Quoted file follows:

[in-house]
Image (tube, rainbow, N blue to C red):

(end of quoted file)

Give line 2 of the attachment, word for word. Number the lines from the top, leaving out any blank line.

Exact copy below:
Image (tube, rainbow, N blue to C red):